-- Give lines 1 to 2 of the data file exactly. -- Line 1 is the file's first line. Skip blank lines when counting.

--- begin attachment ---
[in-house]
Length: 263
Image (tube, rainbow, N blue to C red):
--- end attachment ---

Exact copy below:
[in-house]
Length: 263